One could almost feel the intensity of her emotions as Osarieme Oziegbe, 28, told the story of her birth and recalled the ugly consequences of the removal of her clitoris (genitalia) by a nurse in Benin City, Nigeria, as narrated to her by her mother.
The nurse had convinced Ms Oziegbe’s mother to circumcise the new baby as part of the cultural rites of the Binis. She told her that it validates the birth of a girl child.
Ms Oziegbe said: “I learnt that after my delivery, and the counselling by the nurse, my mom agreed to cut my clitoris but that she almost lost me because I bled uncontrollably. Thank God, I survived it.’’
Ms Oziegbe told PREMIUM TIMES that she was struggling to deal with broken relationships because of her lack of interest in sexual activity. She said she did not understand why she had never found the thrill of sex as talked about by her peers until she began asking questions.
“There were times when I had young men getting close to me and seeking intimacy, but honestly, the urge wasn’t there. I never felt anything; my first sexual experience wasn’t fun. I always asked myself why people refer to sex as one of the best feelings in the world. I didn’t get the excitement, I understood that it wasn’t any of those.
“Even at times I tried to explore my own body by touching myself, yes the urge comes, but within a few seconds, it’s all gone, I lose interest,” she added.
Ms Oziegbe believes her sexual experiences stem from the removal of her clitoris.
Female Genital Mutilation (FGM), the removal of part of the whole of the clitoris, is a form of discrimination against women and girls. It is said to be one of the most inhuman acts of gender-based violence (GBV) perpetrated against women, and a violation of their human rights.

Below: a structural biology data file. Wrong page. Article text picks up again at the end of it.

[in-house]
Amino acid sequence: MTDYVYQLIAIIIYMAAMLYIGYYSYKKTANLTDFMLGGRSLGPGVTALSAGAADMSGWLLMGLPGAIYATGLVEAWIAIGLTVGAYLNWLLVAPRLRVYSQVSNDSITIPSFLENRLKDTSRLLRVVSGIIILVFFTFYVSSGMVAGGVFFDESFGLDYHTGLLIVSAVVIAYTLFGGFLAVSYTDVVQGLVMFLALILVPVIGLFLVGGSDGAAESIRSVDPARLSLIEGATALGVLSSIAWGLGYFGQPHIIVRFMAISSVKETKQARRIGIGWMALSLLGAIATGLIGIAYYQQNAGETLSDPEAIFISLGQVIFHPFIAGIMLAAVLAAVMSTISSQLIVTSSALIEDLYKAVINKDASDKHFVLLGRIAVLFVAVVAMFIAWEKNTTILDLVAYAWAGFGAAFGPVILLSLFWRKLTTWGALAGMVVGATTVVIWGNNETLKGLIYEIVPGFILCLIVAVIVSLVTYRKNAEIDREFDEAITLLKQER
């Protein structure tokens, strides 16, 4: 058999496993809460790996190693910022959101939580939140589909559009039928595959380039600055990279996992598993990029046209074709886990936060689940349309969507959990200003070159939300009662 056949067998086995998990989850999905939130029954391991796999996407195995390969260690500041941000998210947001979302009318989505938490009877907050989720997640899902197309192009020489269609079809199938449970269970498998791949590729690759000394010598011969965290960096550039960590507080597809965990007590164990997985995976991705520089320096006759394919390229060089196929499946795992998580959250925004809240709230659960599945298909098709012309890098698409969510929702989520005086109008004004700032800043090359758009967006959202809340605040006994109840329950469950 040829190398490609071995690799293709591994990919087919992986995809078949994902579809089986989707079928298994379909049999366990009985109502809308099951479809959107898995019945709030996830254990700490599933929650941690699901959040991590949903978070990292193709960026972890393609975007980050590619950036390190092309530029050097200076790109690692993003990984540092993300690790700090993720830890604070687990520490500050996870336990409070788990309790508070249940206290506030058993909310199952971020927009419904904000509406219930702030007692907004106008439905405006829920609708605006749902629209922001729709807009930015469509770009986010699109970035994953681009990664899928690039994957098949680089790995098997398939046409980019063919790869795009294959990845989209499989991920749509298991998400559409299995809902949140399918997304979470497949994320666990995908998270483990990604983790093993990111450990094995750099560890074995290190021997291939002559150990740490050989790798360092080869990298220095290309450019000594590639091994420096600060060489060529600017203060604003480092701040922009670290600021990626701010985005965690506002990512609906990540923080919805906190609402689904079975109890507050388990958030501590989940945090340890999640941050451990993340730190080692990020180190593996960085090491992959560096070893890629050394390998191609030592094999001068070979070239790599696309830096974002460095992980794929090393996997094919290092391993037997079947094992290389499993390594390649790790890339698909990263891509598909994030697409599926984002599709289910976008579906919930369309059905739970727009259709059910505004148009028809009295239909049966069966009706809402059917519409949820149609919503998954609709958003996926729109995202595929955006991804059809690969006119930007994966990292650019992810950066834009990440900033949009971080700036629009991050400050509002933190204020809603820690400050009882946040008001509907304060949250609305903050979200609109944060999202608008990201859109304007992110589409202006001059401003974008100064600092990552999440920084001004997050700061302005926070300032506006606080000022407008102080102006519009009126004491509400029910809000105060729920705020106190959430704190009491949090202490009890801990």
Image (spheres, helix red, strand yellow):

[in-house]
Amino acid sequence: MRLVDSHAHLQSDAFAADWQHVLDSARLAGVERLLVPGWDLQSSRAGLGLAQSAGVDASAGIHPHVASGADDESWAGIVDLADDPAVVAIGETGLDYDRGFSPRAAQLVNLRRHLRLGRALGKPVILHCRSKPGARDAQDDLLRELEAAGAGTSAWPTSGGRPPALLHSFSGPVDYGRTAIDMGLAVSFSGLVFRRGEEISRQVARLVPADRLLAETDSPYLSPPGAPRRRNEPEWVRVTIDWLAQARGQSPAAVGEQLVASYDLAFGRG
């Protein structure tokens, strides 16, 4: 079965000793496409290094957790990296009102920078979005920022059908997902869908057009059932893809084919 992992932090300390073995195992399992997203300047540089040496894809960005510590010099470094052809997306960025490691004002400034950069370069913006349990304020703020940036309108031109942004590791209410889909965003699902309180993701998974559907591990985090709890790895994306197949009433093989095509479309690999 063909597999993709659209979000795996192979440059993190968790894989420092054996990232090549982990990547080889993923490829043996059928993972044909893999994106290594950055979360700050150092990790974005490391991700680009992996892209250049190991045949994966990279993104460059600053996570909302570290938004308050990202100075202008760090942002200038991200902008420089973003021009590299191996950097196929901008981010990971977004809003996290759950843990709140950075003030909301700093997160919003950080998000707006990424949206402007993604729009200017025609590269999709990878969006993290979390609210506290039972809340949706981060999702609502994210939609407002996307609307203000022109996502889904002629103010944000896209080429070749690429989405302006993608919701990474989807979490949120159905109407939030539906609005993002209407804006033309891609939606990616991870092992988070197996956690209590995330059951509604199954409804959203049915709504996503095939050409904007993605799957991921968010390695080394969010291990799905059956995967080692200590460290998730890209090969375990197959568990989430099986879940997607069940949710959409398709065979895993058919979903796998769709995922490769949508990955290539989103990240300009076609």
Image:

The process of FGM is mainly carried out by traditional circumcisers, who often play other central roles in communities, such as attending childbirths. However, in some parts of Nigeria, healthcare providers perform FGM. The procedure is considered safer when performed by trained healthcare providers.
However, the World Health Organisation (WHO) strongly advises healthcare providers not to perform FGM because of the numerous short- and long-term effects, which are often negative and can cause permanent damage to the victims or survivors.
Some of the immediate effects of FGM, as highlighted by David Osifo, a medical doctor and former commissioner for health in Edo State, are infections and bleeding, “especially when done in the local setting, which can sometimes result in death.”
Is FGM a solution to promiscuity?
There is a popular belief among the people of Bini in southern Nigeria that an uncircumcised female is a taboo. Circumcision in this part of Nigeria is a mark of cultural identity, supposedly done to prevent promiscuity among young women/girls. They also believe that circumcision is hygienic and allows for safe delivery during reproductive age.